Compensation is the next major question to be answered in creating your HR plan.
What is a fair wage? That’s the BIG question. However, wages are only one part of the employee’s reward package. Rewards, which include wages and benefits, influence employees and should be developed based on what motivates them. Organizations that have low turnover and contented employees usually have a well-thought-out reward package.
On a lazy Sunday afternoon, you can research the many motivational theories — Maslow, McClelland, Hertzberg, and Expectancy Theory, just to name a few. As interesting as these theories are, the key question to ask is what do you believe motivates people: money, a job well done, recognition, benefits, or something else? Your beliefs will impact the rewards you offer employees.
From the Country Guide website: Times two puts knowledge to work
Employee rewards may include tickets to a coveted game, fuel for their truck, a day off during calving or the fall run, or simply letting them operate the silage chopper instead of the truck. You reward employees with more than money. Being creative with rewards can build loyalty and motivation, and reduce costs. Sometimes a reward that is earned is cheaper and more valued than a wage increase.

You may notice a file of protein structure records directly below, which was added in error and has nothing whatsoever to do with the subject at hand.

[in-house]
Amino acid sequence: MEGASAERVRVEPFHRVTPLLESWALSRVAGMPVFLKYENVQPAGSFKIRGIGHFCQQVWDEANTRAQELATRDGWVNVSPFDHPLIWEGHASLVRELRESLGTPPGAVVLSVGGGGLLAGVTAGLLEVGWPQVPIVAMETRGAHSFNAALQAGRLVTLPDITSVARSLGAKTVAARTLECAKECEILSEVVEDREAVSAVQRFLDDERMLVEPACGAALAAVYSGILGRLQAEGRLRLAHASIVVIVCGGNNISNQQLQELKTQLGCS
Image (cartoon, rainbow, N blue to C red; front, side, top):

When considering what benefits to offer, think about what your employees value and what works operationally as well as the cost. For example, employees generally value training (especially generation Ys), and training generally benefits both you and the employee. So it has value. However, this benefit can create operational issues if it requires time off at a busy time of the year or if it is difficult to find replacement workers to keep the operation running.
You need to work out the cost/benefit ratio to decide if training will pay. Is it a cost, or an investment for you? Employees with specific training related to the operation can be more productive and thus more valuable on any farm, ranch or feedlot.